Friday, December 6, 2002
Holyfield, set to make $5 million, sees lots of green
ATLANTIC CITY, N.J. -- Evander Holyfield's current
role of guinea pig could result in a recurring role of cash
Holyfield and Chris Byrd spoke via teleconference Friday, eight
days before they bring opposite styles to Boardwalk Hall in
Atlantic City for the vacant IBF heavyweight title.
On Nov. 7, the two were hand-picked to fight for the belt by
promoter Don King. On the same day, the bombastic King also
announced a bout between light heavyweight champion Roy Jones
Jr. and WBA champ John Ruiz.
King's grand plan is to pit the winner of the two fights against
each other, with the survivor possibly facing Lennox Lewis for
the unified title.
Earlier this week, promoter Bob Arum claimed his stable of
heavyweights -- Lewis, brothers Wladimir and Vilaty Klitschko,
and Jameel McCline -- is the best in the class.
"They are promoters," Holyfield said while laughing. "The only
thing he's doing is throwing something at Don King. They're
using the fighters as guinea pigs."
King's idea for a five-man boxing tournament could provide a
heavy set of paydays, something Holyfield (38-5-2, 25 KO), one
of the sport's most popular and durable figures in recent
history, is used to.
"I'm a cash cow," said Holyfield, who will collect $5 million
for next week's fight.
Holyfield first must get past the elusive Byrd (35-2, 20 KO),
whom he avoided before the title became vacant. That has become
commonplace for Byrd, a southpaw whose frustrating style has
chased away big-name heavyweights.
"He tried to shy away from it a little bit, but he said, 'Forget
it, I'll fight him,'" said Byrd, who called Holyfield 'a true
warrior.' "With his experience, it could make for an
While he isn't the biggest puncher in the world, having begun
his career as a cruiserweight, Holyfield is an attacker, a style
that plays into the hands of Byrd's elusiveness, which likely
cost him a fight with Lewis.
Byrd was the IBF's No. 1 contender when Lewis decided to give up
the belt, something that made the 31-year-old Flint, Michigan
"It almost brought tears to my eyes," said Byrd, who will earn
$3 million, over the phone from Las Vegas. "True champions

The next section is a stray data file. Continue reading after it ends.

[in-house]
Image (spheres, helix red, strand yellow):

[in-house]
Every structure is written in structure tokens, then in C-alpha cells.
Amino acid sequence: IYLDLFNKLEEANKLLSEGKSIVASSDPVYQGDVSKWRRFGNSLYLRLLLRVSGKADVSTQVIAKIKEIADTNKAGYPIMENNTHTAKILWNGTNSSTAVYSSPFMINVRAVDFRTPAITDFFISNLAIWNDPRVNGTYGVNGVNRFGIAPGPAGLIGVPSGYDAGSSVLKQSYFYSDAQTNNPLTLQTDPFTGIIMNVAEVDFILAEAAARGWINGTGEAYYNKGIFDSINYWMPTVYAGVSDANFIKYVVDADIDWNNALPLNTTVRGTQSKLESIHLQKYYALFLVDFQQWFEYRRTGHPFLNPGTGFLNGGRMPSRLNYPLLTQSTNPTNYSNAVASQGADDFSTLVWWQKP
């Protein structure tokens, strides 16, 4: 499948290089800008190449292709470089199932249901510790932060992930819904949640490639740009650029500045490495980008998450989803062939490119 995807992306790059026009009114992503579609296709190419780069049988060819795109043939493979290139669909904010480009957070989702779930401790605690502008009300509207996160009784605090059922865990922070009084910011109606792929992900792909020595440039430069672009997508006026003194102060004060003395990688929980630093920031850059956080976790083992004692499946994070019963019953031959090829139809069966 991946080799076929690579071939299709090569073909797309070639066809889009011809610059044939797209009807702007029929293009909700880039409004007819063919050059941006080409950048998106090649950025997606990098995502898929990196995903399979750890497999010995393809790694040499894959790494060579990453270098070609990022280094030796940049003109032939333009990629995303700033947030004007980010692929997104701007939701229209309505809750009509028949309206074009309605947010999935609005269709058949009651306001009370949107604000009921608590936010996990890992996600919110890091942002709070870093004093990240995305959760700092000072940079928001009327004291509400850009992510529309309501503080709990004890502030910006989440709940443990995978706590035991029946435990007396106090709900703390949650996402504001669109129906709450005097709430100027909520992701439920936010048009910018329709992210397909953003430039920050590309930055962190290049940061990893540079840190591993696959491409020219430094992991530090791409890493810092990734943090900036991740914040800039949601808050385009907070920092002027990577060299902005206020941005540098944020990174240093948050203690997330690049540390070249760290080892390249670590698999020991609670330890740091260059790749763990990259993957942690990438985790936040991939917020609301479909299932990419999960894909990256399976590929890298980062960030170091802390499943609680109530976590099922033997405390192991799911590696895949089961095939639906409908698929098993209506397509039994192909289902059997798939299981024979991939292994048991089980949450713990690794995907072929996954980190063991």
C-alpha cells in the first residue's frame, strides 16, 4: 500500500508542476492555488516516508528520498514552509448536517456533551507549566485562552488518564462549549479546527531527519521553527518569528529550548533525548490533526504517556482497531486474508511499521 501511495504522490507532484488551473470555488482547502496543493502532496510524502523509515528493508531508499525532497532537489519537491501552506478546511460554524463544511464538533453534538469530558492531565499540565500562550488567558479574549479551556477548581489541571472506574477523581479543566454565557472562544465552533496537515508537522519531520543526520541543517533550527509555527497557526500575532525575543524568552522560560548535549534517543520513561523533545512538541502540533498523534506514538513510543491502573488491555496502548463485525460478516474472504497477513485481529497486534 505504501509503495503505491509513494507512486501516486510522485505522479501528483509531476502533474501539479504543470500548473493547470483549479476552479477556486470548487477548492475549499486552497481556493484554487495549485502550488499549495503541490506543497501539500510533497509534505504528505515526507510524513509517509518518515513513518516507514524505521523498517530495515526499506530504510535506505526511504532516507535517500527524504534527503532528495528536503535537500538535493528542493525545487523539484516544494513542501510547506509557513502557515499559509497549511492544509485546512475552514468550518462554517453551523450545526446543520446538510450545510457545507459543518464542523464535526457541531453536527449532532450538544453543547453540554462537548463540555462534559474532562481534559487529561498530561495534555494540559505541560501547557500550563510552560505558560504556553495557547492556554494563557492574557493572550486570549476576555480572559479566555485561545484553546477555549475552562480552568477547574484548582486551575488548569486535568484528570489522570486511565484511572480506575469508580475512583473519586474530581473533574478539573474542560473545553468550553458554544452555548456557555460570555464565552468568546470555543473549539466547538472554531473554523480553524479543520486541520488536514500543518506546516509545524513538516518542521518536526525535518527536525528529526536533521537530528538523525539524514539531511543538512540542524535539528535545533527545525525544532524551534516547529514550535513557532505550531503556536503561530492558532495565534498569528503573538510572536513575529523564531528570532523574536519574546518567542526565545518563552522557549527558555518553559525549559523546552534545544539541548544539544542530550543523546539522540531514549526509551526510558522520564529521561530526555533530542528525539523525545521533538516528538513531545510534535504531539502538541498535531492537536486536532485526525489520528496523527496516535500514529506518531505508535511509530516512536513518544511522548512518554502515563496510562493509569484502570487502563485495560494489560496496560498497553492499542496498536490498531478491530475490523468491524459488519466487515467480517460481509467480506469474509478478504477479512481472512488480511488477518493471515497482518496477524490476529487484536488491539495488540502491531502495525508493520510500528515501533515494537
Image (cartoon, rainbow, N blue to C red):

fight to keep their belts.
"A lot of guys don't want to get clowned by somebody. They'd
rather get knocked out. It's very important to win this fight
because everyone has to come to me now."
That's exactly what Holyfield's going to do. That's what he has
always done. And at 40, he's running out of time as he tries
to add titles to his resume. He went undefeated as a
cruiserweight before he became heavweight champ in 1990.
"Regardless of whatever person's style is, my goal is to be the
undisputed champion of the world," Holyfield said. "There's no
reason to duck people. That's not the type of person I am. The
type of person I am, I fight the best fighters."
Between his third-round knockout of Buster Douglass on October
25, 1990 and his decision in the first of three matches with
Ruiz on August 12, 2000, Holyfield captured, regained or unified
some form of the heavyweight title five times.
Holyfield, who split a pair of matches with southpaw Michael
Moorer, has been training against lefthanders and isn't worried
about Byrd's ability to frustrate opponents with his elusive
"I don't think so much that anyone can make you look bad, other
than you get frustrated because you don't hit him with the big
shot," Holyfield said. "He plays a psychology role. They take
the big shots at him and never get a chance to hit him.
"Byrd is more loosey-goosey type. He's more into, 'I made you
miss, I made you miss, I made you miss.' And Moorer's more, 'I
want to knock you out.'"
Many have compared Byrd to Pernell Whitaker, Holyfield's Olympic
teammate who made a career out of making opponents look bad.
Byrd doesn't mind the comparison.
"I pride myself on that, on making them look foolish,
particularly heavyweights," said Byrd, who fought at 168 pounds
in winning a silver medal at the 1992 Olympics. "I looked a lot
at Pernell Whitaker."
Many think their opposing styles could lead to an ugly fight,
but Holyfield and Byrd disagree.
"It may not," said Holyfield, who is 10-0 in Atlantic City. "He
charged (Vitaly) Klitschko, which is quite different because
he's a lot bigger and a lot stronger. I think the fight's going
to be a good fight regardless."
"I don't think so," Byrd added. "He's competition-minded. Even
at his worst, he's still going to fight. ... He always makes
for a great fight."